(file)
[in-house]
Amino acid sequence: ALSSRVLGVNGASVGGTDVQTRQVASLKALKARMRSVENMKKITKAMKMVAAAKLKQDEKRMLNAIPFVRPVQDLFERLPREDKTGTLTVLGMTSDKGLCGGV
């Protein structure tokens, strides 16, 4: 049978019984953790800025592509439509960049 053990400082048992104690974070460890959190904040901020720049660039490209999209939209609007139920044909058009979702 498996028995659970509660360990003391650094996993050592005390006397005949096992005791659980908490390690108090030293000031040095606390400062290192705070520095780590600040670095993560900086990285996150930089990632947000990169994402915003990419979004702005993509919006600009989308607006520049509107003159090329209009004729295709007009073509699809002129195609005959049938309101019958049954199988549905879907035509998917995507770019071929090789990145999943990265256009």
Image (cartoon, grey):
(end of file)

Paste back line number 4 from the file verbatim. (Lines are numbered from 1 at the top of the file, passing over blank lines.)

Image (cartoon, grey):